In considering the chapters according to their critical approaches, the interviews remain a separate category, but one that is related to the others by virtue of the questions the editors posed. That said, the questions most frequently asked, regardless of the interview subject's profession, were those regarding the "authenticity" of the baseball portrayed on the screen. This topic is raised with respect to historical movies but is of primary concern in the interview section. Even so, little is made of the tension between what Steve Neale calls "generic verisimilitude" -- that is, a film's similarity to other members of its genre and to other films -- and its counterpart "cultural verisimilitude" -- the similarity to "real life." While not explicitly so, this tension does get some play in the interviews. In this regard, broadcaster Vin Scully recounts how he made his "broadcast" in For Love of the Game sound like an actual play-by-play of an actual game. Penny Marshall explains that she made the cast members of A League of Their Own pass a baseball test before they were screen tested. Producer Arthur Friedman (Price of Glory, 2000) laments that sometimes the cast and crew of a baseball movie do not have a love of the game and he hopes someday to make the quintessential baseball movie [2 ].
As mentioned earlier, the essays in Reel Baseball succeed insofar as they situate cinematic depictions of baseball within the dominant American culture and its ideologies. While they avoid tackling contentious issues, they provide a critical framework for further investigation and critique of those ideologies and baseball's complicity in them. The catalogue of relevant films provided by the editors will prove most welcome to those who take on this task. As well, given the paucity of scholarly -- as opposed to popular or critical -- considerations of sports films, in general, the volume fills a long-overdue gap in critical discourse and for this alone would be noteworthy.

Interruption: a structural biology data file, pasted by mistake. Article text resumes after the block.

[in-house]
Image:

[1 ] The book and the forward were written and published before Petroskey, in a move he later tried to recant, banned Susan Sarandon and Tim Robbins from participating in festivities celebrating the anniversary of Bull Durham, which is regarded widely as one of the best baseball movies ever made. The pair of actors have been outspoken critics of the (need for) war in Iraq. However, Petroskey felt that politics should have no place at the hall and that the event should celebrate America. It was in that "spirit" that he attempted to censor and later ban Sarandon and Robbins. [^]
[2 ] Ron Shelton, director of Bull Durham and Cobb, was the only one of the subjects from the film industry to have played professional baseball. One can only wonder whether actors such as Kurt Russell and Chuck Connors were unavailable, unapproachable or whether their knowledge might be too intimate and thus might disrupt the myth-making. [^]
Neale, Steve. "Questions of Genre." Screen 31.1 (1990): 45-66.